June 18, 2013
And here's the full roster.
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Friday, May 11, 2012
Nationals 4, Pirates 2: Stephen Strasburg struck out 13 in six innings. The only thing more dominating than he was the Hulk when I went to go see "The Avengers" last night. Upshot: damn fine movie. But the "Dark Night Rises" trailer before it may have been even better. Yes, I realize that I may be reacting emotionally here.
Anyway, a question (and if you haven't seen the movie yet, move along): why is the Hulk such a malevolent threat when he first transforms on the ship, to the point where Black Widow and everyone in his path is in extreme peril just by being near him, yet during the big battle scene everyone can hang around him and he's all cool and knows who the bad guys are and stuff? Well, except for Thor that one time. I'm sure there's some reason for this besides movie convenience -- and I never read the Hulk comics, so if the answer is there, I'm just ignorant about it -- but I did think about it. Oh, and I'm sort of in love with Cobie Smulders now too. Anyway, enough of that. Other games:
Indians 8, Red Sox 3: The fans booed Josh Beckett off the field. And afterwards he said they were smart fans because he "pitched like sh**." That sums it up, no? He gave up seven runs on seven hits and walked two in two and a third innings and ensured that people will make hacky jokes about his golf game for the next five days.
Orioles 6, Rangers 5: Rangers 7, Orioles 3: Colby Lewis struck out ten but allowed five bombs in Game 1, which is kind of special. In Game 2, Josh Hamilton hit his 15th homer and drove in two, giving former teammate Tommy Hunter the loss.
Yankees 5, Rays 3: CC Sabathia struck out ten and allowed no earned runs in eight innings, getting his 5th win of the year. Robinson Cano and Curtis Granderson hit homers.
Blue Jays 6, Twins 2: Henderson Alvarez continues his fine work, allowing only a single earned run over seven. Jason Marquis, not so much. And talk about symbolic futility: runner on third, popup in front of the plate and neither Maquis, catcher Ryan Doumit nor third basemen Trevor Plouffe caught it. It just hit the ground with a sick thud. There are your 2012 Minnesota Twins, folks.
Tigers 10, Athletics 6: Yes, Detroit won -- good job for Miguel Cabrera and Andy Dirks having big games as the Detroit offense awoke from its stupor -- but that aside, Brandon Inge hit a grand slam against his old mates, giving him 12 RBI in his last four games. As I said yesterday, the closest thing to chaos we have in baseball right now is the relationship Tigers fans have with Brandon Inge, so to see him have a big game against them is rather fun.
20,000 days ago, Brooklyn got the bad news. On that day—Aug. 8, 1957—Dodgers team owner Walter O’Malley announced the team was headed for greener pastures out west in Los Angeles. And by greener, I mean richer.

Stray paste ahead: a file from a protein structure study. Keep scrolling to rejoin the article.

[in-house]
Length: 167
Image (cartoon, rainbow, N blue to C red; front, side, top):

This was the conclusion of a new stadium fight for the Dodgers. There are two versions of it. In one version, O’Malley wanted to keep the team in Brooklyn but couldn’t get the deal he wanted. That is, not surprisingly, the view of the Dodgers.
Ebbets Field, the Dodgers' old Brooklyn home, was a small place and the Dodgers wanted something bigger, and with better amenities. He’d even floated the notion of building a domed stadium—this a decade before the Astrodome. But the city wouldn’t give him the land he wanted. Supposedly, the city offered him land in Queens, and he said, well, I can’t take the Brooklyn team to Queens.
The Brooklyn die-hard view has a simpler tale: Walter O’Malley is evil. Any talk he had with the city fathers was just that—talk. He saw greener pastures in California, and got the Giants to go along with him, giving him a local and traditional rival out west. Some diehard Brooklyn-ites have long since argued that the three worst men of the 20th century are Adolph Hitler, Joseph Stalin and Walter O’Malley.
Odds are some of both tales are true. O’Malley was a businessman first and foremost, and he recognized the promise of California and did want to go out there. Lord knows he did enough to lay the groundwork, from acquiring rights to the region from the Cubs to convincing the Giants to joining him and handling many other lesser details in advance. Then again, if he could get a lucrative enough deal in New York City, why not take it? O’Malley methodically and ruthlessly made himself the best deal he could.
And 20,000 days ago, people found out what it was.
Aside from that, many other events celebrate their “day-versary” or anniversary today. They are listed below; with the better ones in bold to make it easier for anyone who just wants to skim the list.
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